While the CIty Council ran circles around Jose Huizar’s “Voter Bill of Rights” on Friday, City Attorney Carmen Trutanich was proposing how to reform the Neighborhood Council election process to give the system more legitimacy.
With the deadline for action looming Tuesday, Huizar’s colleagues stalled votes on his proposals for Charter reforms to provide more money in city matching funds to candidates and instant runoff voting and watered-down the effort to extend mail-in ballots automatically to all registered voters to a possible ordinance for a test in the next Council special election.
That could come sooner than many might expect if Richard Alarcon is convicted of perjury and voter fraud.
Trutanich honed on three changes to NC elections:
1) clarifying the term “factual basis” stakeholder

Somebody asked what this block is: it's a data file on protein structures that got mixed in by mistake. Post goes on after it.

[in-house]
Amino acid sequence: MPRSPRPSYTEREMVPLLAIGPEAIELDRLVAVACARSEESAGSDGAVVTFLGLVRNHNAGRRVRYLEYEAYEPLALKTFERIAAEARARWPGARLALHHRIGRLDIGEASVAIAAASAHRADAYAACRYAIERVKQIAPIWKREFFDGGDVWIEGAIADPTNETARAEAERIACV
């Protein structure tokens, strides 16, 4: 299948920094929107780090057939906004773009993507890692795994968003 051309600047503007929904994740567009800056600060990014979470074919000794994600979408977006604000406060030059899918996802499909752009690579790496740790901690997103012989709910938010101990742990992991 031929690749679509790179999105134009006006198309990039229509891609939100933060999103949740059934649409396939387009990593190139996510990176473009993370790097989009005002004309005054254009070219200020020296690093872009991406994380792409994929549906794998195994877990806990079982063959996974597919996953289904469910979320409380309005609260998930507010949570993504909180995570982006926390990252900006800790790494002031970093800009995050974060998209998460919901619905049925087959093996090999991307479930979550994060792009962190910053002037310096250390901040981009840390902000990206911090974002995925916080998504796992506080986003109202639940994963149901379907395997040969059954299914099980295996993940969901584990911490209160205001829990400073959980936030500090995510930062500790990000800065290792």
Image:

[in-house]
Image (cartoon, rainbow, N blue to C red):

2) establishing voter pre-registration, which will allow Neighborhood Council leaders to take a greater role in the determination of stakeholders eligibility to vote, while streamlining the election process for the City Clerk
3) requiring documentary proof of stakeholder status rather than granting voting privileges based on the voter’s self-affirmation of his or her stakeholder status.
“The stakeholder definition allowed individuals to assert any basis for their involvement with a Neighborhood Council,” Trutanich said in his letter to the City Council.
“Stakeholders” should be required to show “an ongoing and significant interest in a community,” he said.
.”The key problem is the CIty Council’s 2008 change that expanded the definition of a stakeholder to include anyone “who lives, works or owns property in the neighborhood and any individual who declares a stake in the neighborhood and affirms the factual basis for it.”
“Accordingly, the definition should provide criteria upon which to demonstrate a nexus with the neighborhood in order to ensure that a voter’s stake in the neighborhood is not merely incidental, but ongoing and continuous.”
Read the full letter (trutanich-NC.rtf).